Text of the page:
How programs run



The Virtual Execution System



MSIL: an abstract byte code targeting an imaginary stack
-
based virtual machine



MSIL is
not

interpreted, but compiled on the fly into machine code



When a type is loaded, it basically has stubs for all its methods. As each method is compiled,
the method table entry is updated from the stub to point to the actual machine code



The JIT compiler wor
ks one method at a time.



Hence it is okay to do naughty things (e.g. call into missing assemblies) in a method that is
never called. But it is NOT okay to do the same things in a code branch that is never called
inside a method that is called. Trick: mov
e code with dubious dependencies into separate
methods that do not expose troublesome types.



Different JITters may behave differently


e.g. the x64 JIT compiler does more aggressive tail
call optimisation than the x86 one, so x86 programs may be subject t
o stack overflows that
do not show up on x64

How programs start


the Win32 stub

Assembly loading



Probing path



Strong names


versioning



Binding redirects



Explicit assembly loading


load contexts, assembly identity



Intercepting assembly loading via AppDom
ain.AssemblyResolve



Implicit loads happen at JIT time


if a method is never JITted, the assemblies it references
don’t get loaded.



Modules (kinda theoretical these days though)



Shadow copy


avoid locking assemblies while loaded

Application domains



The
unit of isolation in .NET



AppDomain lives inside a process. A process may contain many AppDomains



Assemblies are loaded into an AppDomain, not a process



The CLR creates an AppDomain for your code (it creates a couple of others but we don’t
need to worry a
bout them). Some environments create multiple AppDomains e.g. IE creates
an AppDomain per site, IIS creates an AppDomain per vroot.



You can create additional AppDomains.



Only AppDomains can be unloaded. Assemblies can’t, except by unloading the AppDomain

they’re loaded into.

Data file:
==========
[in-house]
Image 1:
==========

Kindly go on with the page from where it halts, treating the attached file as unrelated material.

You can’t talk directly to objects in other AppDomains. By default objects are serialised
when passed to other AppDomains, so you end up with two independent copies



MarshalByRefObjects can be accessed using remoting. This allows you

to modify an object
in another AppDomain (if that AppDomain provides you with a remoting channel to do it of
course


security!). This is generally bad. Use WCF to send messages between AppDomains
instead, as if they were separate processes. Better sti
ll, just use separate processes.

Garbage collection



Generational



Ephemeral segment


check Hewardt



Concurrent vs server garbage collection



.NET 4.0 background GC



Large object heap



Mark and sweep



Roots



Compacting



Most allocations are extremely fast


can be

more

efficient than manual memory
management

Finalizers



What are they for? Unmanaged resources,
not

managed resources. Don’t touch managed
resources in a finalizer


they may already have been finalized!



How finalizers get executed


the finalizer threa
d and timeouts (2s per object, 40s total).
When you new a type that has a finalizer, the instance is placed on the finalization list.
Objects that are eligible for reclamation but
are on the list
are not reclaimed immediately
but put on the freachable qu
eue (and are considered roots).

After the GC, the finalizer
thread goes through the list of objects to be finalized and runs their finalizers. So when the
GC next runs, these objects should no longer be on the list and are therefore no longer
reachable a
nd can therefore be reclaimed.



CriticalFinalizerObject
: Finalize gets JITted on type load (
not

later when memory might be
low); CFOs are finalized after all other objects (so other objects can use CFOs they depend
on, e.g. FileStream holding a SafeHandle);

finalizer will run even if AppDomain is rudely
unloaded or thread rudely aborted.



Most common CFO: SafeHandle (and derived classes)



Resurrection



Dispose and Finalize
; the Dispose pattern; GC.SuppressFinalize



Weak references